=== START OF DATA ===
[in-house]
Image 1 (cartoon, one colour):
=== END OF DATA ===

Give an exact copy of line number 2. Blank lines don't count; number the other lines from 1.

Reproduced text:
Image 1 (cartoon, one colour):